Lenders to bankrupt Reliance Communications Ltd (RCom) and Reliance Telecom Ltd (RTL) have told the Supreme Court that spectrum is an essential and integral part of asset against which banks grant loans to telecom firms. This is contrary to the government’s stance that spectrum is national property and cannot be sold under insolvency proceedings.
In an intervention application filed by State Bank of India on behalf of the committee of creditors of RCom and RTL, the lender has sought protection of its rights and interest in the case of adjusted gross revenue (AGR)-related dues of telcos to the department of telecommunications (DoT). SBI, in the application dated 13 August, said spectrum is an asset of bankrupt telecom operators and removing this asset from the resolution process may threaten a company to not continue as a going concern.
SBI also clarified that the resolution under the Insolvency and Bankruptcy Code (IBC) does not seek transfer of spectrum to a new buyer but to have the right to use the airwaves.
“It is further respectfully submitted that the effect of an approved resolution plan under the IBC is not to cause transfer of the ownership of the license /spectrum but simply to require the transfer of right to use the spectrum as is currently vested in the corporate debtor,” SBI said in the application reviewed by Mint.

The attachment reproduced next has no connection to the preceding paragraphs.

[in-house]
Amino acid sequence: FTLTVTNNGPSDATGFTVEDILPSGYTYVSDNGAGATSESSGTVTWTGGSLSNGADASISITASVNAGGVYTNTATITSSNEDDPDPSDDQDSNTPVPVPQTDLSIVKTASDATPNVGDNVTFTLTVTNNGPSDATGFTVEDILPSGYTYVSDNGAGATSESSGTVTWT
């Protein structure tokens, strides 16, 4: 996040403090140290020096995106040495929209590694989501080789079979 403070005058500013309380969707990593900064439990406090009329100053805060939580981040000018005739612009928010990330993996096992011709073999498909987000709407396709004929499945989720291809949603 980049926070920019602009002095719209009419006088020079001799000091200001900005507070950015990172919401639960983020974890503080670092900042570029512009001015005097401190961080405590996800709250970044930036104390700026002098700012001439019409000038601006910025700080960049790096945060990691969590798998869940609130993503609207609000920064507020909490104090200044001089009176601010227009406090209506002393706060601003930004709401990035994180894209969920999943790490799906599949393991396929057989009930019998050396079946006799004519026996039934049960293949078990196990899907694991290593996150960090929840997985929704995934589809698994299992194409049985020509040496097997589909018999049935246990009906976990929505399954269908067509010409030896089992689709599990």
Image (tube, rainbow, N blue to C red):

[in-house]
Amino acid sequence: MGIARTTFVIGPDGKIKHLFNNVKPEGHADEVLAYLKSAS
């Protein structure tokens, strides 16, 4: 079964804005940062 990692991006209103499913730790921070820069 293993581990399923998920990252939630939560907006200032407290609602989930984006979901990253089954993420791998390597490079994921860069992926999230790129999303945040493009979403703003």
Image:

According to legal experts, transfer of spectrum is not allowed under telecom law and policies unless past dues are cleared. The DoT can retain the spectrum of bankrupt telcos, disallowing its sale under IBC and commercially selling the airwaves again. In case of RCom and RTL, the DoT has been classified as operational creditor and may recover little or next to nothing as financial creditors typically have greater right on the recovery proceeds.
The Supreme Court on 10 August had asked the DoT to draw a plan to recover dues from bankrupt telcos, including RCom, Aircel Group and Videocon Telecommunications Ltd, after raising concerns over the DoT not recovering any amount from the IBC process.
However, SBI said, “the interests of the DoT, an operational creditor are adequately protected in terms of the IBC,” with a catch that it depends on the wisdom and decision of the committee of creditors as far as payments to different classes are concerned.
RCom owes DoT ₹25,199 crore, in AGR dues including spectrum usage charges and licence fees, according to government estimates. This is nearly half of ₹49,054 crore in dues calculated under the firms’s insolvency proceedings. Aircel owes ₹12,389 crore to the DoT. LiveMint